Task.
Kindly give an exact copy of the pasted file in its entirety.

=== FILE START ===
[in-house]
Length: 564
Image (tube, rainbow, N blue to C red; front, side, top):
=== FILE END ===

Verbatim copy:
[in-house]
Length: 564
Image (tube, rainbow, N blue to C red; front, side, top):